Of course there’s a massive resistance to road pricing. People love the the idea of low taxes but they also want a good health service, high pensions and free education. They want more roads which don’t cost much to provide and don’t take up any land. They want to drive as fast as they like and never crash. That’s the stuff of dreams, it’s about time people faced up to reality.


- 5 comments by 1 or more people Not publicly viewable

  1. I think declining bus patronage needs to be addressed with re-regulation of the bus industry. It is clear that in almost all of the country the supposed benefits of deregulation are no longer being seen, with large companies having local monopolies. This has generally lead to high fares, and reduced and withdrawn services, particularly on non-core routes. Admittedly bus companies have had to put up with significantly raised fuel costs, but it’s interesting to note that Travel West Midlands, despite being one of the cheapest bus companies in Britain, is one of the most profitable, due to the high level of patronage their low fares encourage. Also TWM’s network is extremely intense and more balanced than other large companies in other parts of the country. If First, Stagecoach, Arriva etc could take a leaf of of their book, I’m sure bus patronage would improve. However, re-regulation should improve services, as operators should be required to attain higher standards of punctuality, with potential penalties including fines and loss of route contracts, and should balance out service levels on routes more, rather than the present situation where core routes get plenty of services (particularly where there is comptetition, such as Wilmslow Rd out of Manchester), whilst more out of the way routes get very poor services in comparison. To support claims for re-regulation, note that the only area of Britain where bus patronage has increased in the last 20 years is in Greater London, where buses are still regulated (and in the las 5 years there has been heavy investment to the network).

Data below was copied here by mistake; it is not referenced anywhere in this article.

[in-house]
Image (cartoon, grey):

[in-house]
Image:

Railways primariy could do with extra capacity to allow for growth. In the short term, this could be achieved through longer trains, although in the longer term, high speed lines should be considered, with the aim of taking some long distance trains off the existing network, creating extra capacity for local/regional trains. Better bus/train integration should also be implemented as well.

    Building yet more roads is never a sensible thing to do in my opinion, as within months they’ll be filled and we’ll be wanting even more. I feel that road pricing is the only realistic way of getting people out of their cars, although charges that have been proposed are I feel too steep (eg up to something like £1.50/mile, which is just plain extortion in my opinion), but revenue for these could be used to fund public transport schemes, such as Manchester’s Metrolink extensions, or bus network improvements. But not guided busways, I can’t stand them!

    09 Feb 2007, 23:00

  2. £1 for short journeys and £1.25 (Coventry, £1.40 West Midlands) for longer ones doesn’t seem very cheap to me.

    Although I do agree that more regulation is needed for the buses. Bus operators just don’t seem to understand the long term damage that a bus not turning up does to popular perception of the bus service. As for a fair price for roads, I don’t think there is one. There’s a capacity which society is willing to accept, the price should be set at a level which ensures that the capacity is rarely exceeded.

    10 Feb 2007, 10:31

  3. A Sanderson